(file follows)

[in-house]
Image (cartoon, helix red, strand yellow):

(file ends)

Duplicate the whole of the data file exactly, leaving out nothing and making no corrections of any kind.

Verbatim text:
[in-house]
Image (cartoon, helix red, strand yellow):